9 Things You Need to Know Before Your Bunny Goes Cage-Free

Having a pet bunny can be a rewarding experience, even more so if you can allow him to roam around your home. However, having a cage-free bunny is not as simple as a cat or dog would be.

In this post, we will explore the 9 things you need to know before your bunny goes cage-free.

white rabbit

Know Every Room

Before you allow your pet bunny free-access to your home, you will want to know every room - meaning, you will have to make each area your pet has access to safe. Generally, rooms that are the easiest to bunny-proof are the bathroom, laundry room, bedroom, and kitchen.

Know to Bunny-Proof the Electrical Wires

Rabbits are notorious for chewing electrical cords - this practice not only destroys the cord, but it can be harmful (and even deadly) to your furry pal. To keep your rabbit safe, you will have to either remove the cords from the bunny’s reach (ie tape them on the wall) or cover them up.


To cover exposed cords use protective tubing (found at hardware or electronic stores). This special tubing is also called vacuum tubing, polygon tubing, and plumber’s tubing. It is available in many different types of plastics, thicknesses, and sizes. They can also be soft and bendable or hard.

When bunny-proofing a room, be sure to check for hidden cords that your rabbit may still have access to like under a bed or behind a dresser or shelving unit.

Know to Bunny-Proof the Walls

Some pet bunnies will chew on the corner (or an area) of a wall or window frame. To determine if your pet is one of those “corner-chewers” you will have to observe his behavior when he is running about. If you notice that he is gnawing at a corner, you can purchase hard plastic or wooden corner protectors that should deter your bunny from nibbling those areas.

Know That Bunnies May Chew on Furniture

If your cage-free bunny has taken to gnawing on the legs of your furniture, you may want to try a product called, ‘Bitter Apple’ (available online and at pet retailers). This product tastes terrible and is usually enough to stop Fluffy from further chewing-exploits. However, to any pet parent’s dismay, some rabbits don’t mind the flavor and will continue to chew on the spot. For these taste-bud-challenged pets, you may have to wrap the furniture legs with cardboard.

funny baby rabbits in grass

Know Bunnies Need Toys - Lots of Them!

To help keep your bunny busy (and away from things it shouldn’t be chewing on) provide him with plenty of toys in every room he has access to. These can be wooden blocks, baskets, cardboard boxes, and other bunny-approved items. Just be sure the toys are natural and have not been treated with paints, stains or varnishes. Also avoid any item made from pressboard, plywood, pressure-treated wood, or particleboard.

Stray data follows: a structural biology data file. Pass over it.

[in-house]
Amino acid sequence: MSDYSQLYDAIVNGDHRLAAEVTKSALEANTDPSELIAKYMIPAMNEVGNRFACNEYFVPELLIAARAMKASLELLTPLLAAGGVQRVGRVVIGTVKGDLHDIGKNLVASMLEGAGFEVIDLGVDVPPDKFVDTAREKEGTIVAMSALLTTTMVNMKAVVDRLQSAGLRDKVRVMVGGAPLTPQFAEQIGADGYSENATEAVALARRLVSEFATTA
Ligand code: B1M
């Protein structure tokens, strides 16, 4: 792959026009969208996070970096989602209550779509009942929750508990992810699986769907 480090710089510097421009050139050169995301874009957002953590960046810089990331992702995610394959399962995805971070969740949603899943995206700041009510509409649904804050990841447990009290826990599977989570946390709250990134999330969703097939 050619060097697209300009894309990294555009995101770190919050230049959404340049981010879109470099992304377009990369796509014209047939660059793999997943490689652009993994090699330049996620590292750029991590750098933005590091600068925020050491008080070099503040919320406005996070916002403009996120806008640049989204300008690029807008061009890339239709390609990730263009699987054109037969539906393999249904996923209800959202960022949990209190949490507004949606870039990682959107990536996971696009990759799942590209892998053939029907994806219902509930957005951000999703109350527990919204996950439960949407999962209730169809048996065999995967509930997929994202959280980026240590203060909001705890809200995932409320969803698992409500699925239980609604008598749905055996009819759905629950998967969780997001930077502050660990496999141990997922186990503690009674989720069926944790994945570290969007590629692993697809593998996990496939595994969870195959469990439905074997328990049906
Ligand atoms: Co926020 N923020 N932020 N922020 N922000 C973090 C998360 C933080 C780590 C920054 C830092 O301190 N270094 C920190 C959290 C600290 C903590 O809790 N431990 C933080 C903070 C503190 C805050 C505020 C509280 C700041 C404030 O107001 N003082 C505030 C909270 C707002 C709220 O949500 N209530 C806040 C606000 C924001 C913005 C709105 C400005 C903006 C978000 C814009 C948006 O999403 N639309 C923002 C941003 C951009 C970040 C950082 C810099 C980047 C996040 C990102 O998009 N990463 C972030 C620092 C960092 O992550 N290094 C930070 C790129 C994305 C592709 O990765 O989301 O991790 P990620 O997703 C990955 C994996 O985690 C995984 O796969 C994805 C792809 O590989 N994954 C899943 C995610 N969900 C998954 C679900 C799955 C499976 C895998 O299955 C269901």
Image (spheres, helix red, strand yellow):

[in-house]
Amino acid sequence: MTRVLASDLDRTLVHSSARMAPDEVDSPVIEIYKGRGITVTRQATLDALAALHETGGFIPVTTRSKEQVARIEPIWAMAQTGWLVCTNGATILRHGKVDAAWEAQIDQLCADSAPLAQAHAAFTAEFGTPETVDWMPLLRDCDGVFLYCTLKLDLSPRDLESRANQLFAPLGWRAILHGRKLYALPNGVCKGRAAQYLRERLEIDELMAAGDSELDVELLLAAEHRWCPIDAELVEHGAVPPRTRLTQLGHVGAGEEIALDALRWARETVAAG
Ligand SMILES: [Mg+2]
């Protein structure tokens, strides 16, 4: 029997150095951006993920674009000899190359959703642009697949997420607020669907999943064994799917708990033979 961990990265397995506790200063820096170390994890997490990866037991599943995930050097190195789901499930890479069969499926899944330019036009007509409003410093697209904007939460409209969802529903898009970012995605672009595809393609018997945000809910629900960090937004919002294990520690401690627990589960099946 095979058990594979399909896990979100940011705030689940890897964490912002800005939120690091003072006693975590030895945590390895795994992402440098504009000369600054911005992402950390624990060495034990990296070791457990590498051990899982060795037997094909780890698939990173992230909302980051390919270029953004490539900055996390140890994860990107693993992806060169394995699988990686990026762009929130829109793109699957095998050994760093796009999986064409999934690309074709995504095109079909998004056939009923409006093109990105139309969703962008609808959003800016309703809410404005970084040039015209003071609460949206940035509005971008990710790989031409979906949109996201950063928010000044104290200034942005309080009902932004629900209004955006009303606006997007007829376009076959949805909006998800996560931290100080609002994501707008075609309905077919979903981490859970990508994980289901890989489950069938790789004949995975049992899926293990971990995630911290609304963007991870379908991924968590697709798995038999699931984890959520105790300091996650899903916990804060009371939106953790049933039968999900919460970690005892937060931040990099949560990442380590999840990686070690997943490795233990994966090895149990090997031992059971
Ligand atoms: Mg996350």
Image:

Know Toxic Plants

Your pet bunny may also chew on household plants. To keep him safe, hang your houseplants from the ceiling or put them up on high shelves or planters. Also, be sure to pick up or vacuum any fallen leaves or flowers that your bunny may happen upon. There are several toxic house plants including azalea, daffodils, hyacinth, and holly. For a complete list of toxic plants click here to visit the House Rabbit Society.

Know How to Litter Box Train

A cage-free bunny must be litter box trained.

Note: spayed and neutered rabbits are easier to train as this procedure reduces their urges to mark their territory.

The first thing you will want to do is to purchase a suitable litter pan (those designed for cats work well). Choose a spot to keep your bunny’s litter pan (ceramic or other tiled floorings that are easily washed works best).

Once the litter pan is placed, add a thin layer of litter, then spread some hay around (bunnies like to nibble while doing their “business”).


While you are in the process of litter training your bunny, keep him confined to the same room the litter box is located. If you notice your pet is having accidents, use a paper towel to clean up the droppings with, then place them in the litter box - this helps to reinforce the litter box’s purpose.

Note: litter box training a bunny can take upwards of two weeks.

closeup view of rabbit nose

Know About Food & Water Location

Providing your pet bunny with top nutrition goes without saying, but you will also have to have a good location for your rabbit’s dietary needs. When choosing a spot to put your rabbit’s food and water bowls, be sure they are not located in a high traffic zone - your bunny will want to eat and drink at its leisure without being tripped over or constantly disturbed. You will also want to have the location one that is easily cleaned due to spills and other mishaps. Lastly, try to put your bunny’s food away from the litter box - who wants to eat near their toilet?

Know to Go Slow

Even if you have bunny-proofed your entire home, it’s still important to slowly expand your bunny’s territory. This allows for your pet to learn the litter box-ropes, where his food and water are located, and also for you to learn your pet’s chewing and free-roaming habits. If your bunny stops using the litter box when you expand its territory, simply go back to the reduced-amount of roaming area for a few days, then try again.


Having a cage-free bunny is great for both you and your pet, but there will be work involved to get your fluffy pal to that point. Follow our tips and tricks to having a successful cage-free bunny. If you decide that a free-roaming rabbit is not for you, check out the Best Cages For Your Rabbit.

Further reading:

  1. PDSA. Keeping indoor rabbits
  2. Daily Mail Online. Rabbits must be sold in pairs because they can get bored and even depressed while living alone
  3. nidirect. Suitable environment for rabbits


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